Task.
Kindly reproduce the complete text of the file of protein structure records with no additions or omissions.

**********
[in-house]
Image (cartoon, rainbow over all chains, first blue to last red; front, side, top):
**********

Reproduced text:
[in-house]
Image (cartoon, rainbow over all chains, first blue to last red; front, side, top):